About Careers MedBlog Contact us
Medindia LOGIN REGISTER
Advertisement

In Patients With Severe PH, Higher BMI is Associated With Lower Mortality Risk

by Kathy Jones on May 20, 2014 at 8:29 PM
Font : A-A+

 In Patients With Severe PH, Higher BMI is Associated With Lower Mortality Risk

Previous research has suggested that in patients with congestive heart failure, obesity and a larger waist size have paradoxically been associated with a better prognosis.

This effect, known as the obesity paradox phenomenon, is now being demonstrated in patients with severe pulmonary hypertension.

Advertisement

"Obesity-related illnesses, particularly obesity hypoventilation syndrome and sleep apnea, may play a role in the development of pulmonary hypertension, and so we examined whether the protective effects of obesity seen in patients with heart failure were also seen in these patients," said researcher Jose Caceres, MD, of Jacobi Medical Center/Albert Einstein College of Medicine in the Bronx, NY. Pulmonary hypertension is high blood pressure in the arteries going to the lung.

"In our study of more than a thousand patients with significant pulmonary hypertension, we found that a higher body mass index (BMI) was associated with a reduced mortality risk, even after adjustment for baseline characteristics," stated co-researcher M. Khalid Mojadidi, MD.
Advertisement

The study was presented at the 2014 American Thoracic Society International Conference.

The study involved 1137 patients with significant pulmonary hypertension (pulmonary artery systolic pressure > 60 mmHg), including 361 with a normal BMI (group A), 639 with obesity (Group B), and 137 with morbid obesity (Group C). One-year mortality rates were 34.1%, in Group A, 22.8% in Group B, and 12.4% in Group C, yielding a lower relative risk (RR) for one-year mortality in groups B (RR 0.616; 95% confidence interval [CI] 0.484-0.530) and C (RR 0.306; 95% CI 0.184-0.508) compared to Group A. One-year readmission rates however did not significantly differ between groups. "An obesity paradox may also occur in patients with significant pulmonary hypertension," said lead author Dr. Ronald Zolty. "A possible mechanism underlying this phenomenon is increased levels of serum lipoproteins associated with increased body fat, which may play a role in neutralizing circulating toxins and inflammatory proteins."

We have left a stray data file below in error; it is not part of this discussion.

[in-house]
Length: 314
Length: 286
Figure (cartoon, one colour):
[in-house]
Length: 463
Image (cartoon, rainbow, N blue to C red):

Source: Eurekalert
Advertisement

Advertisement
Advertisement

Recommended Reading

Latest Research News

Eight Threats to Black Adult's Longevity
Decoding the eight factors affecting Black adults' life expectancy.
Beyond the Campus: Contrasting Realities Revealed!
Sobering truth about foot travel in the United States emerges from international statistics, highlighting the prevalence of walking on the Blacksburg campus.
Astounding Link Between Darwin's Theory and Synaptic Plasticity  Discovered!
Unveiling a hidden mechanism, proteins within brain cells exhibit newfound abilities at synapses, reinforcing Darwin's theory of adaptation and diversity in the natural world.
Unlocking the Fountain of Youth: Exploring the Synergistic Power!
Combining micro-needling and cupping, two emerging and alternative techniques, in an experimental study reveals a potential synergy for skin rejuvenation.
Imminent Threat of the Next Pandemic - Disease X
Despite a decline in COVID-19 cases, the World Health Organisation (WHO) raises global concerns by warning of an "inevitable" next pandemic known as "Disease X".
View All
This site uses cookies to deliver our services.By using our site, you acknowledge that you have read and understand our Cookie Policy, Privacy Policy, and our Terms of Use  Ok, Got it. Close
×

In Patients With Severe PH, Higher BMI is Associated With Lower Mortality Risk Personalised Printable Document (PDF)

Please complete this form and we'll send you a personalised information that is requested

You may use this for your own reference or forward it to your friends.

Please use the information prudently. If you are not a medical doctor please remember to consult your healthcare provider as this information is not a substitute for professional advice.

Name *

Email Address *

Country *

Areas of Interests